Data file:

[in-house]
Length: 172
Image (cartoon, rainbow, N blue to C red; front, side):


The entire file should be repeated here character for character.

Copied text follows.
[in-house]
Length: 172
Image (cartoon, rainbow, N blue to C red; front, side):